3 Way Split?

I was thinking earlier about different kinds of worship music. I’ve thought about this before, but I haven’t really come up with a conclusion about it, partly because I haven’t thought about it deeply enough; what is the (for lack of a better word) best kind of worship music?

What I mean by this is that there are several different kinds: there’s “sneaky” worship music, which I tend to like the most, there’s “me and You” worship music, and then there’s straight up “praise” music. Basically I define these as follows: “Sneaky” worship is when you take a song that could be about anyone/anything and direct it to God. For example, I have a song called “Passenger,” which is about driving home late at night and not wanting to fall asleep because I enjoy the driver’s company so much. The metaphor is that I don’t always know where my life is headed, but God does, and I’m pretty content to just let him drive. “me and You” worship music is explicitly spiritual in terms of the lyrics, and it’s about the human relationship with God. What I define as “Praise” music excludes the human element as much as possible and focuses entirely on God’s greatness.

The reason I was thinking about this was because I remembered last semester I was taking a music of worship class, and someone brought up the idea that music that includes the human element is somehow less worshipful than music that does not. I’m not sure I agree with that, but I’m not entirely sure what I think in general, which is why I’m posting about it.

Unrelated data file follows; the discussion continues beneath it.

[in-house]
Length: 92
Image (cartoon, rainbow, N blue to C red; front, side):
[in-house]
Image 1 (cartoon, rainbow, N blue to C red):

It seems to me that it’s difficult to think about God in nonhuman terms. For example, most people think of God as loving his creation. Love is a very human feeling. Furthermore, most people think about God in terms of what he does; whether that is what he does for them personally or in general. Then there is the fact that for a period of time he actually became human (at least I believe so).

Obviously there are some distinct aspects of God that are not human at all. He created the universe, for one, and he has greater power, strength and knowledge than anyone that has ever lived on the earth or ever will. He can perform miracles that no one would even think of doing because the thought is just absurd. Lastly, he is invisible and intangible, which is obviously not a human quality.